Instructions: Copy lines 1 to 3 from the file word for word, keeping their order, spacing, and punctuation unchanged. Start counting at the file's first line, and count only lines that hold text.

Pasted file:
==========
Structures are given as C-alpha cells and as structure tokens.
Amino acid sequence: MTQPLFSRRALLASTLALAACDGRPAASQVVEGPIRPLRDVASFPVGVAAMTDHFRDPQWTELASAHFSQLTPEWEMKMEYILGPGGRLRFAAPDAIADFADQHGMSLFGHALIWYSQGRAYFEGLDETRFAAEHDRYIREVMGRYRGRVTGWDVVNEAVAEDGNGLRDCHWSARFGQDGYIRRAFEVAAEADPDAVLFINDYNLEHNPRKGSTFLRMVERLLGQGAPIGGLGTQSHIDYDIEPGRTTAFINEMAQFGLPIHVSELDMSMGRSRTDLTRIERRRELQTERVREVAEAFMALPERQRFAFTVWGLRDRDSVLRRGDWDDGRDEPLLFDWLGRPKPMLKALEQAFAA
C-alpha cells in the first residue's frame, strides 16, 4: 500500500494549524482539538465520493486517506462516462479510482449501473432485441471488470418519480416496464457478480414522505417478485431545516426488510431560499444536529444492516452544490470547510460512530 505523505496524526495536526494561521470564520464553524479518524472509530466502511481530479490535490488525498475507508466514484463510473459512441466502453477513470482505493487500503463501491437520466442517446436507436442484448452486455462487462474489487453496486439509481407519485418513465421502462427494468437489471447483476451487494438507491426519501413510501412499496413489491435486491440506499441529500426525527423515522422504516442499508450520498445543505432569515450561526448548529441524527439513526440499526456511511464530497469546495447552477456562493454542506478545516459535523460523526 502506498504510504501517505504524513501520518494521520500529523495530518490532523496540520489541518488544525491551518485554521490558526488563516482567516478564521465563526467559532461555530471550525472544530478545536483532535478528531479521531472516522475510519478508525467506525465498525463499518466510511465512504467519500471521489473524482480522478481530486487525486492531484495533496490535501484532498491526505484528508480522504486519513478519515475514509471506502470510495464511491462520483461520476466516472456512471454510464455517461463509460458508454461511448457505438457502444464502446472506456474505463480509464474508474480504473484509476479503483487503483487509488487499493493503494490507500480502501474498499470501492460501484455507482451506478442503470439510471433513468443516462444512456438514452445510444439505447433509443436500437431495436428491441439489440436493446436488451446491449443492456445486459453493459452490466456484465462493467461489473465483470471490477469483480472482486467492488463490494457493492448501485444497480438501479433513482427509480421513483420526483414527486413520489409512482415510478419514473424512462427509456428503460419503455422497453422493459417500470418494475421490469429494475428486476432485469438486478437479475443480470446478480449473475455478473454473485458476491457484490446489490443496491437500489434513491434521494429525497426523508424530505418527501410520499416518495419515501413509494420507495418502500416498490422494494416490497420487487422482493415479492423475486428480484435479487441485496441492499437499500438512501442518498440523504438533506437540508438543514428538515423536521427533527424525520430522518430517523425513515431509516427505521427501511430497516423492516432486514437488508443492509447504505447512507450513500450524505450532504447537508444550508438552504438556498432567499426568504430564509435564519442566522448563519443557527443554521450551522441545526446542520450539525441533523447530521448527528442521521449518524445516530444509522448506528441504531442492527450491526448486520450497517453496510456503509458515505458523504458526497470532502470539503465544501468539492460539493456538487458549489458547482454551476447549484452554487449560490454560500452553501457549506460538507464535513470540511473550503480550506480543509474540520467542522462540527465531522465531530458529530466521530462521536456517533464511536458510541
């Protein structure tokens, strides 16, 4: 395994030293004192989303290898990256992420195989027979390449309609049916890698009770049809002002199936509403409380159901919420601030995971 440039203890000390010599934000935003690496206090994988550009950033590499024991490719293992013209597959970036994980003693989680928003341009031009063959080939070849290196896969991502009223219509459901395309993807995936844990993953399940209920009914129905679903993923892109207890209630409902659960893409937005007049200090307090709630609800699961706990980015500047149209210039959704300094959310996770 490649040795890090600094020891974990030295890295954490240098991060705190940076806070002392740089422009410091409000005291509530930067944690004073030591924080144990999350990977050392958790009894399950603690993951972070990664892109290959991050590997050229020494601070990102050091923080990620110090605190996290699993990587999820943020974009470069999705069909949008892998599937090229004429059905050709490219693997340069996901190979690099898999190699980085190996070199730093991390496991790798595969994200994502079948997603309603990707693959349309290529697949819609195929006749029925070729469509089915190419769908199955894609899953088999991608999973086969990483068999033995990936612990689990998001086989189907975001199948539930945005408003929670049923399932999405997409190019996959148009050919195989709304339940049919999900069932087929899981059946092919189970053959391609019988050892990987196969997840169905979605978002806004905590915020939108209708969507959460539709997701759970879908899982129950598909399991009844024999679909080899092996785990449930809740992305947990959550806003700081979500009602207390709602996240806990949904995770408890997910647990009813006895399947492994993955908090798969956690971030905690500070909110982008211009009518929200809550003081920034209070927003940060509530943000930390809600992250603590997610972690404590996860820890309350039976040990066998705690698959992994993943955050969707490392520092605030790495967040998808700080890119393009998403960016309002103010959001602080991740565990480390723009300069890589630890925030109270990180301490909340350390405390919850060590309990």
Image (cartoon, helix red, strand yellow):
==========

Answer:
Structures are given as C-alpha cells and as structure tokens.
Amino acid sequence: MTQPLFSRRALLASTLALAACDGRPAASQVVEGPIRPLRDVASFPVGVAAMTDHFRDPQWTELASAHFSQLTPEWEMKMEYILGPGGRLRFAAPDAIADFADQHGMSLFGHALIWYSQGRAYFEGLDETRFAAEHDRYIREVMGRYRGRVTGWDVVNEAVAEDGNGLRDCHWSARFGQDGYIRRAFEVAAEADPDAVLFINDYNLEHNPRKGSTFLRMVERLLGQGAPIGGLGTQSHIDYDIEPGRTTAFINEMAQFGLPIHVSELDMSMGRSRTDLTRIERRRELQTERVREVAEAFMALPERQRFAFTVWGLRDRDSVLRRGDWDDGRDEPLLFDWLGRPKPMLKALEQAFAA
C-alpha cells in the first residue's frame, strides 16, 4: 500500500494549524482539538465520493486517506462516462479510482449501473432485441471488470418519480416496464457478480414522505417478485431545516426488510431560499444536529444492516452544490470547510460512530 505523505496524526495536526494561521470564520464553524479518524472509530466502511481530479490535490488525498475507508466514484463510473459512441466502453477513470482505493487500503463501491437520466442517446436507436442484448452486455462487462474489487453496486439509481407519485418513465421502462427494468437489471447483476451487494438507491426519501413510501412499496413489491435486491440506499441529500426525527423515522422504516442499508450520498445543505432569515450561526448548529441524527439513526440499526456511511464530497469546495447552477456562493454542506478545516459535523460523526 502506498504510504501517505504524513501520518494521520500529523495530518490532523496540520489541518488544525491551518485554521490558526488563516482567516478564521465563526467559532461555530471550525472544530478545536483532535478528531479521531472516522475510519478508525467506525465498525463499518466510511465512504467519500471521489473524482480522478481530486487525486492531484495533496490535501484532498491526505484528508480522504486519513478519515475514509471506502470510495464511491462520483461520476466516472456512471454510464455517461463509460458508454461511448457505438457502444464502446472506456474505463480509464474508474480504473484509476479503483487503483487509488487499493493503494490507500480502501474498499470501492460501484455507482451506478442503470439510471433513468443516462444512456438514452445510444439505447433509443436500437431495436428491441439489440436493446436488451446491449443492456445486459453493459452490466456484465462493467461489473465483470471490477469483480472482486467492488463490494457493492448501485444497480438501479433513482427509480421513483420526483414527486413520489409512482415510478419514473424512462427509456428503460419503455422497453422493459417500470418494475421490469429494475428486476432485469438486478437479475443480470446478480449473475455478473454473485458476491457484490446489490443496491437500489434513491434521494429525497426523508424530505418527501410520499416518495419515501413509494420507495418502500416498490422494494416490497420487487422482493415479492423475486428480484435479487441485496441492499437499500438512501442518498440523504438533506437540508438543514428538515423536521427533527424525520430522518430517523425513515431509516427505521427501511430497516423492516432486514437488508443492509447504505447512507450513500450524505450532504447537508444550508438552504438556498432567499426568504430564509435564519442566522448563519443557527443554521450551522441545526446542520450539525441533523447530521448527528442521521449518524445516530444509522448506528441504531442492527450491526448486520450497517453496510456503509458515505458523504458526497470532502470539503465544501468539492460539493456538487458549489458547482454551476447549484452554487449560490454560500452553501457549506460538507464535513470540511473550503480550506480543509474540520467542522462540527465531522465531530458529530466521530462521536456517533464511536458510541